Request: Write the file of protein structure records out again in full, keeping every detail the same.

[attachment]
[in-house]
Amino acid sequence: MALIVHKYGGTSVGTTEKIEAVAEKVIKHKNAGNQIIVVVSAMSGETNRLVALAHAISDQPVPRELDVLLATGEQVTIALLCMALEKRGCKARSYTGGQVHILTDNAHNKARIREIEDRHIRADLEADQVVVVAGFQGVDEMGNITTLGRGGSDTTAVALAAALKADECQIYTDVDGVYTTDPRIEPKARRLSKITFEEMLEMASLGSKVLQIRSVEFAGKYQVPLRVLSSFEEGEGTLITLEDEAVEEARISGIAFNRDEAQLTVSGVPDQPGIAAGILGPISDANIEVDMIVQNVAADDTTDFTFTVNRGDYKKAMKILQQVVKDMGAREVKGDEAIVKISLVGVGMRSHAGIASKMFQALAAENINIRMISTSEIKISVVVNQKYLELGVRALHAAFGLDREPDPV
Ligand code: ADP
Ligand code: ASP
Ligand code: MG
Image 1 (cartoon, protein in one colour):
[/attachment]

[in-house]
Amino acid sequence: MALIVHKYGGTSVGTTEKIEAVAEKVIKHKNAGNQIIVVVSAMSGETNRLVALAHAISDQPVPRELDVLLATGEQVTIALLCMALEKRGCKARSYTGGQVHILTDNAHNKARIREIEDRHIRADLEADQVVVVAGFQGVDEMGNITTLGRGGSDTTAVALAAALKADECQIYTDVDGVYTTDPRIEPKARRLSKITFEEMLEMASLGSKVLQIRSVEFAGKYQVPLRVLSSFEEGEGTLITLEDEAVEEARISGIAFNRDEAQLTVSGVPDQPGIAAGILGPISDANIEVDMIVQNVAADDTTDFTFTVNRGDYKKAMKILQQVVKDMGAREVKGDEAIVKISLVGVGMRSHAGIASKMFQALAAENINIRMISTSEIKISVVVNQKYLELGVRALHAAFGLDREPDPV
Ligand code: ADP
Ligand code: ASP
Ligand code: MG
Image 1 (cartoon, protein in one colour):